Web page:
While the first quarter of the year is usually slow for travel, Delta and US Airways both reported profits today that beat expectations, as they did better at filling seats and having customers pay more for flights. But airlines are expecting bad news for April.
Delta said it had a net profit of $85 million, the first time it’s been in the black in the first quarter since 2000. Sales also increased by 1%. But for April, Delta expects a 2% to 3% decline in passenger revenue per available seat mile—a measure of demand and a key metric for airlines. US Airways complained that airline travel already began tapering off in March because of the budget cuts, which hurt demand for last-minute travel.
Part of the problem is the so-called “sequestration”—mandatory government budget cuts that took effect March 1 after Congress and president Barack Obama failed to agree on a budget deal. The cutbacks have put air traffic controllers on obligatory furloughs, reduced the number of controllers working at a given time. That’s already resulted in hundreds of canceled flights in the last few days. The US Federal Aviation Administration (FAA) said last week that passengers could expect delays of more than two hours. In another blow to the airlines, the government also cut back on travel for its employees.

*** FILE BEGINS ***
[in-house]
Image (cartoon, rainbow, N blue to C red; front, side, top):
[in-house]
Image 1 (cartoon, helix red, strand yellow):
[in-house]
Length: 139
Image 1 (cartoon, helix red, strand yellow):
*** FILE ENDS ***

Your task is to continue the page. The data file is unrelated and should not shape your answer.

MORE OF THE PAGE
Delta, which merged with Northwest Airlines in 2008, said lower fuel costs because of airline consolidation could help offset the expected fall in revenues. That’s good news for the future of US Airways, which is in the midst of its own consolidation and expects to close its merger with American Airlines later this year.
But cancelled flights and angry passengers are never good news for the airline industry. Airlines For America, the top industry group, is suing the FAA to prevent the agency from furloughing air traffic controllers. And the travel headaches are becoming ammunition for politicians to blame each other for the budget woes.
The good news is the budget cuts have yet to hit airline stocks. Both Delta and US Airways shares were up today on their positive earnings report. But they may not be so lucky for the next quarter.
More from Quartz
- Introducing our new obsession: Congress only has 16 working days to prevent the fiscal cliff
- I grew up Gangnam Style—but the South Korea of my youth had none of Psy’s irony
- Chinese solar panel prices reverse four-year slide thanks to demand in China
- Airline Industry
- Travel & Tourism
- US Airways
- Northwest Airlines
- American Airlines